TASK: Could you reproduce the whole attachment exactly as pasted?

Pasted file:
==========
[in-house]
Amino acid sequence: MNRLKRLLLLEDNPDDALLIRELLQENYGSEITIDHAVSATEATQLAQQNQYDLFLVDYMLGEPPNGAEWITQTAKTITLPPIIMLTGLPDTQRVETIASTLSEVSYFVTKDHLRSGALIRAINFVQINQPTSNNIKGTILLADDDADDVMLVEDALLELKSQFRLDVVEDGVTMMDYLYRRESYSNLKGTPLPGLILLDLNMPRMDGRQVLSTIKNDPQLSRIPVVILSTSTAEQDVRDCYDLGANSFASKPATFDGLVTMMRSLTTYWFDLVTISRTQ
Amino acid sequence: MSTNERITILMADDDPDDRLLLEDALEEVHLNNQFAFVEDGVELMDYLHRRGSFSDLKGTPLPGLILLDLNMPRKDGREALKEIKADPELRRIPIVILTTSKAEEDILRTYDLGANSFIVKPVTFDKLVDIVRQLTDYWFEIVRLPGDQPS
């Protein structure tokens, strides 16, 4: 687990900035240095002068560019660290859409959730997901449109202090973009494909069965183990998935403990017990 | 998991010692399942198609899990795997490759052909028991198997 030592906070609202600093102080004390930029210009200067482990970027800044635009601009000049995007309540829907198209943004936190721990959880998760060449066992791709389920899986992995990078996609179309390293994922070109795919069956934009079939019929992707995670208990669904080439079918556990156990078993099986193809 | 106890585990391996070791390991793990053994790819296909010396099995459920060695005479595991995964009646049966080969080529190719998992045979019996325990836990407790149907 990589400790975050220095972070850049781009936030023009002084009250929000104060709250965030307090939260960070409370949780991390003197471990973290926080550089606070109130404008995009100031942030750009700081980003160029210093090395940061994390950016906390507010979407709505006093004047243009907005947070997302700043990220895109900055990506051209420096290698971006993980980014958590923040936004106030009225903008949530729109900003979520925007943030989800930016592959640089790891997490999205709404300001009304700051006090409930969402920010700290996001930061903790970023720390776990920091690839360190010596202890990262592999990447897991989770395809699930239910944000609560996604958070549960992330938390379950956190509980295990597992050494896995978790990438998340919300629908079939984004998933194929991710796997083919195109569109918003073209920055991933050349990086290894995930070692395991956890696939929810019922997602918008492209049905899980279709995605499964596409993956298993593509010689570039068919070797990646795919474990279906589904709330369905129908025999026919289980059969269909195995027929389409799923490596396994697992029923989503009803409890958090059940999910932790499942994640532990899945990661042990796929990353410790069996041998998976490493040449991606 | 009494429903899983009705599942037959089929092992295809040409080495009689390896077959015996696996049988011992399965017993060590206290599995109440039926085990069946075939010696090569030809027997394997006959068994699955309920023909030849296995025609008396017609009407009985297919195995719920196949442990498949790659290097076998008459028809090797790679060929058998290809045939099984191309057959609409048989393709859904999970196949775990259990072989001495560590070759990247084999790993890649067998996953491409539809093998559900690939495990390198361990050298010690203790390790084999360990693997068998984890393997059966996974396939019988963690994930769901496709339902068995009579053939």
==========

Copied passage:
[in-house]
Amino acid sequence: MNRLKRLLLLEDNPDDALLIRELLQENYGSEITIDHAVSATEATQLAQQNQYDLFLVDYMLGEPPNGAEWITQTAKTITLPPIIMLTGLPDTQRVETIASTLSEVSYFVTKDHLRSGALIRAINFVQINQPTSNNIKGTILLADDDADDVMLVEDALLELKSQFRLDVVEDGVTMMDYLYRRESYSNLKGTPLPGLILLDLNMPRMDGRQVLSTIKNDPQLSRIPVVILSTSTAEQDVRDCYDLGANSFASKPATFDGLVTMMRSLTTYWFDLVTISRTQ
Amino acid sequence: MSTNERITILMADDDPDDRLLLEDALEEVHLNNQFAFVEDGVELMDYLHRRGSFSDLKGTPLPGLILLDLNMPRKDGREALKEIKADPELRRIPIVILTTSKAEEDILRTYDLGANSFIVKPVTFDKLVDIVRQLTDYWFEIVRLPGDQPS
């Protein structure tokens, strides 16, 4: 687990900035240095002068560019660290859409959730997901449109202090973009494909069965183990998935403990017990 | 998991010692399942198609899990795997490759052909028991198997 030592906070609202600093102080004390930029210009200067482990970027800044635009601009000049995007309540829907198209943004936190721990959880998760060449066992791709389920899986992995990078996609179309390293994922070109795919069956934009079939019929992707995670208990669904080439079918556990156990078993099986193809 | 106890585990391996070791390991793990053994790819296909010396099995459920060695005479595991995964009646049966080969080529190719998992045979019996325990836990407790149907 990589400790975050220095972070850049781009936030023009002084009250929000104060709250965030307090939260960070409370949780991390003197471990973290926080550089606070109130404008995009100031942030750009700081980003160029210093090395940061994390950016906390507010979407709505006093004047243009907005947070997302700043990220895109900055990506051209420096290698971006993980980014958590923040936004106030009225903008949530729109900003979520925007943030989800930016592959640089790891997490999205709404300001009304700051006090409930969402920010700290996001930061903790970023720390776990920091690839360190010596202890990262592999990447897991989770395809699930239910944000609560996604958070549960992330938390379950956190509980295990597992050494896995978790990438998340919300629908079939984004998933194929991710796997083919195109569109918003073209920055991933050349990086290894995930070692395991956890696939929810019922997602918008492209049905899980279709995605499964596409993956298993593509010689570039068919070797990646795919474990279906589904709330369905129908025999026919289980059969269909195995027929389409799923490596396994697992029923989503009803409890958090059940999910932790499942994640532990899945990661042990796929990353410790069996041998998976490493040449991606 | 009494429903899983009705599942037959089929092992295809040409080495009689390896077959015996696996049988011992399965017993060590206290599995109440039926085990069946075939010696090569030809027997394997006959068994699955309920023909030849296995025609008396017609009407009985297919195995719920196949442990498949790659290097076998008459028809090797790679060929058998290809045939099984191309057959609409048989393709859904999970196949775990259990072989001495560590070759990247084999790993890649067998996953491409539809093998559900690939495990390198361990050298010690203790390790084999360990693997068998984890393997059966996974396939019988963690994930769901496709339902068995009579053939």